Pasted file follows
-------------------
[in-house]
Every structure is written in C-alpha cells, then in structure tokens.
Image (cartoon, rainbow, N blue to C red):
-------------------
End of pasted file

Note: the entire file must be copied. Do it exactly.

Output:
[in-house]
Every structure is written in C-alpha cells, then in structure tokens.
Image (cartoon, rainbow, N blue to C red):